Counterflows - Various venues
Live Review

Counterflows – Various venues, Glasgow

Counterflows is one of the newest, and most interesting music festivals in Europe. Initially running concurrently in Glasgow, London and Berlin, it now only runs in the latter two cities over Easter. Over the years it has brought together figures as diverse as Golden Teacher sharing a stage with free jazz legend Joe McPhee, and seen Michael Gira play a deconsecrated church on Good Friday, which was simply one of the best gigs I’ve ever seen, anywhere.

This experimental music festival is an inestimable guide to the variety and innovation occurring in what the programme calls “marginal music practice”. On this evidence, there’s far more freedom and excitement on the margins than in the mainstream.
First up I saw the festival’s featured artist Richard Youngs, a restlessly fertile musician who I’ve seen perform on instruments from guitars to iPhones, in a different genre every time. This time he took on contemporary classical; is there nothing he can’t do? Richard didn’t actually perform in his Experiment For Four Demolished Structures for 4 Voices; he just introduced it, by telling us to feel free to wander about to get the best sounds. Four singers each mounted on a plinth sang about four demolished brutalist buildings, their unaccompanied counterpoint creating some beautiful moments. I pretty much stood still, ended up closing my eyes, soaking it all in.

The spectator’s or listener’s physical position towards the work would become something of a theme in this festival. Florian Hecker is one of the most respected sound artists in the world, and he explored the acoustics of CCA 5 with a series of speakers suspended from the ceiling. From these emanated a series of passages of electronic notes and harmonics, the audience being able to walk through and explore the sonic space created. It was a pleasure to see festival co-curator Alasdair Campbell absolutely blissing out on every note, and hipsters covering their ears in fear when Hecker turned the volume and intensity up to sometimes disquieting levels.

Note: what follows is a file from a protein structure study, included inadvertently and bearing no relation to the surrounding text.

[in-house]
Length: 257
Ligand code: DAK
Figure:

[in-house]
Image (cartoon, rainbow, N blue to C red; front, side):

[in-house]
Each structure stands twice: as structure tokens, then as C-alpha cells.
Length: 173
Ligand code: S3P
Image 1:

On Saturday night, Neil Michael Hagerty presented perhaps the most straightforward prospect, in that this was a rock gig where you simply stand and watch the band. A festival in which Hagerty is “the most straightforward prospect” is indeed, eclectic. Hagerty gained notoriety back in the ‘90s with his band Royal Trux, who a major label foolishly signed looking for the next Nirvana, not expecting the scorched earth rock n’ roll or levels of drug abuse the band would present them with.

Hagerty looked as cool as it’s possible for a man in a jacket three sizes too small for him and beige loafers to look, and commanded the stage. His band The Howling Hex were made up of a drummer with the most minimal drum kit and mini glockenspiel, giving the music a real jazz feel as it lurched from spasmoid rhythms into proper shitkicking garage rock, while a geeky looking man mainly sat on stage and occasionally joins Hagerty in song. It was irresistible, as it all came to a climax in “White Horses”.

The evening ended up the Art School with a 4 hour DJ set from Rabih Beaini, a Lebanese DJ and musician, with one foot in the avant garde camp, and one in techno as Morphosis, with his incredible album What We Have Learned. It’s a cliché to speak of a DJ set as a journey, and many are detours not worth taking. This however, was an enthralling set, Beaini using decks and delays to find links between traditional Middle Eastern music, minimal techno and even free jazz, in a way that felt totally right and not affected. It was a subtle set, with incredible attention to detail, and if the crowd began by head nodding and watching him, they were soon losing themselves on the dancefloor. Beaini went deeper and further than any DJ I’ve seen in ages; I can’t wait to see him again. And can’t believe I had never heard of him until Counterflows brought him to my attention.

Written by Brian Beadie

Venue: Various venues, Glasgow
Support Band: n/a

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